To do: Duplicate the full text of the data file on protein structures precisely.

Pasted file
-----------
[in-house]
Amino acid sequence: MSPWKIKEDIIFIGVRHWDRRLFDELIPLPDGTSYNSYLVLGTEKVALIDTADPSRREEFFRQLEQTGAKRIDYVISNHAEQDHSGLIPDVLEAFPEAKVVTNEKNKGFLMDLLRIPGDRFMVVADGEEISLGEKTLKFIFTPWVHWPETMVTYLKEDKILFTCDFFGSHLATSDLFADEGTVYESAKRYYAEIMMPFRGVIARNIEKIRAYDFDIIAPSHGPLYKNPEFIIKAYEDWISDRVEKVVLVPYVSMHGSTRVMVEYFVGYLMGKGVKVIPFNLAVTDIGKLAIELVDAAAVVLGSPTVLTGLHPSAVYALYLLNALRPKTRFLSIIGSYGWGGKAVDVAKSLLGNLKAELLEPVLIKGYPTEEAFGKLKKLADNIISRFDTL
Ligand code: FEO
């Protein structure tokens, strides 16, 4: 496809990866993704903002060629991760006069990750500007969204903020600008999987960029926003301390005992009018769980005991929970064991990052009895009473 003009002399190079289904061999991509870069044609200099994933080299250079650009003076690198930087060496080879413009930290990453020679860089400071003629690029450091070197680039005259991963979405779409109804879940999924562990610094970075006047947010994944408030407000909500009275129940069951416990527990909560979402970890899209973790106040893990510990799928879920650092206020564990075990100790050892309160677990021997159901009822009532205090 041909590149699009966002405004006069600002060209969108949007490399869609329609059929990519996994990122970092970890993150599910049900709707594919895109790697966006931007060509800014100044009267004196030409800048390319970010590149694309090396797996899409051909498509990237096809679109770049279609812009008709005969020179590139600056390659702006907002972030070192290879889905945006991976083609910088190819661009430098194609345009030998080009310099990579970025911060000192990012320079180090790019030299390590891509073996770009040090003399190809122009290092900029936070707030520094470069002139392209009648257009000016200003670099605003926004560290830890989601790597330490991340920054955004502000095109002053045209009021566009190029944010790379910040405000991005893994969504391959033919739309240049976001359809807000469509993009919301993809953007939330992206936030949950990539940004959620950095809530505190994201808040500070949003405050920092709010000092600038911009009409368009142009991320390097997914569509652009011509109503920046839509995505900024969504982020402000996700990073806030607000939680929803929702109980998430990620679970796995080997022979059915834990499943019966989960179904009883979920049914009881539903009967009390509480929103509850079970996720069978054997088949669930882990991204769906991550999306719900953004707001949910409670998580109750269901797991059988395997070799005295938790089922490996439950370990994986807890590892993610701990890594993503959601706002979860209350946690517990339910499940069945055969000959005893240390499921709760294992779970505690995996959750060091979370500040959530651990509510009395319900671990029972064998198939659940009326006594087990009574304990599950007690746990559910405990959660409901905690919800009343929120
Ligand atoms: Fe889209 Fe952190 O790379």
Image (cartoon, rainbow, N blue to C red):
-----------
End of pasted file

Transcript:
[in-house]
Amino acid sequence: MSPWKIKEDIIFIGVRHWDRRLFDELIPLPDGTSYNSYLVLGTEKVALIDTADPSRREEFFRQLEQTGAKRIDYVISNHAEQDHSGLIPDVLEAFPEAKVVTNEKNKGFLMDLLRIPGDRFMVVADGEEISLGEKTLKFIFTPWVHWPETMVTYLKEDKILFTCDFFGSHLATSDLFADEGTVYESAKRYYAEIMMPFRGVIARNIEKIRAYDFDIIAPSHGPLYKNPEFIIKAYEDWISDRVEKVVLVPYVSMHGSTRVMVEYFVGYLMGKGVKVIPFNLAVTDIGKLAIELVDAAAVVLGSPTVLTGLHPSAVYALYLLNALRPKTRFLSIIGSYGWGGKAVDVAKSLLGNLKAELLEPVLIKGYPTEEAFGKLKKLADNIISRFDTL
Ligand code: FEO
């Protein structure tokens, strides 16, 4: 496809990866993704903002060629991760006069990750500007969204903020600008999987960029926003301390005992009018769980005991929970064991990052009895009473 003009002399190079289904061999991509870069044609200099994933080299250079650009003076690198930087060496080879413009930290990453020679860089400071003629690029450091070197680039005259991963979405779409109804879940999924562990610094970075006047947010994944408030407000909500009275129940069951416990527990909560979402970890899209973790106040893990510990799928879920650092206020564990075990100790050892309160677990021997159901009822009532205090 041909590149699009966002405004006069600002060209969108949007490399869609329609059929990519996994990122970092970890993150599910049900709707594919895109790697966006931007060509800014100044009267004196030409800048390319970010590149694309090396797996899409051909498509990237096809679109770049279609812009008709005969020179590139600056390659702006907002972030070192290879889905945006991976083609910088190819661009430098194609345009030998080009310099990579970025911060000192990012320079180090790019030299390590891509073996770009040090003399190809122009290092900029936070707030520094470069002139392209009648257009000016200003670099605003926004560290830890989601790597330490991340920054955004502000095109002053045209009021566009190029944010790379910040405000991005893994969504391959033919739309240049976001359809807000469509993009919301993809953007939330992206936030949950990539940004959620950095809530505190994201808040500070949003405050920092709010000092600038911009009409368009142009991320390097997914569509652009011509109503920046839509995505900024969504982020402000996700990073806030607000939680929803929702109980998430990620679970796995080997022979059915834990499943019966989960179904009883979920049914009881539903009967009390509480929103509850079970996720069978054997088949669930882990991204769906991550999306719900953004707001949910409670998580109750269901797991059988395997070799005295938790089922490996439950370990994986807890590892993610701990890594993503959601706002979860209350946690517990339910499940069945055969000959005893240390499921709760294992779970505690995996959750060091979370500040959530651990509510009395319900671990029972064998198939659940009326006594087990009574304990599950007690746990559910405990959660409901905690919800009343929120
Ligand atoms: Fe889209 Fe952190 O790379």
Image (cartoon, rainbow, N blue to C red):